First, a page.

Feb. 3 (Bloomberg) -- Bank of England policy maker Adam Posen said he’s “leaning” toward more stimulus next week, and there is a case to increase the bond-purchase target by a further 75 billion pounds ($119 billion).
“75 billion was a good slug last time and there’s a case to do it again,” he said in an interview on Bloomberg Television’s “Last Word” in London yesterday, referring to the central bank’s decision to increase its so-called quantitative easing program in October.
Policy makers will begin a two-day meeting on Feb. 8, when they will have new inflation forecasts that will form the basis for their thinking. While the economy shrank 0.2 percent in the fourth quarter, a survey this week showed manufacturing returned to growth in January.
“I’m certainly at least leaning towards, but who knows, doing more QE if we don’t change the forecast,” Posen said. Still, he added that he’s “slightly more optimistic than I was a few months ago. The global outlook is better.”
U.K. bonds rose immediately after the comments before paring their gains. The two-year gilt was at 0.38 percent late yesterday in London, while the 10-year was at 2.09 percent. The yield on the 10-year government bond declined to 1.917 percent on Jan. 18, the lowest since Bloomberg began compiling the data in 1989.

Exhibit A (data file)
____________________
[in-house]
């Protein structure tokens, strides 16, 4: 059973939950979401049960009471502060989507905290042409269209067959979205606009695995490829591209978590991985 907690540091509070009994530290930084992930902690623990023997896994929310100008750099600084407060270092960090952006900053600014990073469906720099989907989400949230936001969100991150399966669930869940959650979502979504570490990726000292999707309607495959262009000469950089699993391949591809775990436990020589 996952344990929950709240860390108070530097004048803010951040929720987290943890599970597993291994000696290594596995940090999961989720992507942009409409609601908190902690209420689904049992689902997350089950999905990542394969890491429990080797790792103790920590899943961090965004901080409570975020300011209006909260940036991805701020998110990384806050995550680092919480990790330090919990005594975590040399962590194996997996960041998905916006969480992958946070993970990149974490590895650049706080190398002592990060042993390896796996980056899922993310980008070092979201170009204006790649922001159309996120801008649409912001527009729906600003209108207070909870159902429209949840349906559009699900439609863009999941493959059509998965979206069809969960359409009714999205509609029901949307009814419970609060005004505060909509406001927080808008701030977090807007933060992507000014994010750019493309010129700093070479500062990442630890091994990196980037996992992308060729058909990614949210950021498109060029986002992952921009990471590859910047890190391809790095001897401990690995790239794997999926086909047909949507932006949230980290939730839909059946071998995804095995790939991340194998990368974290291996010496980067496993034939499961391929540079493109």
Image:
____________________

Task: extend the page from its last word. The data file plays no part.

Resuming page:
The central bank has completed its previous four-month round of bond purchases, which increased its target to 275 billion pounds from 200 billion pounds. It said yesterday the Monetary Policy Committee “will review whether the scale of the asset purchase program should be changed at its February meeting, alongside its latest inflation projections.” The MPC will announce its decision at noon on Feb. 9.
A U.K. manufacturing index jumped to an eight-month high in January, Markit Economics said earlier this week. Separate reports showed gauges for Europe, China and India also rose. Still, the debt crisis in the euro area, the U.K.’s biggest export market, has dimmed the outlook for growth, and Bank of England Governor Mervyn King said last week that policy makers can increase stimulus again if needed to aid the economy.
--With assistance from Linda Yueh, Joanna Starritt, Scott Hamilton and Svenja O’Donnell in London. Editors: Fergal O’Brien, Craig Stirling
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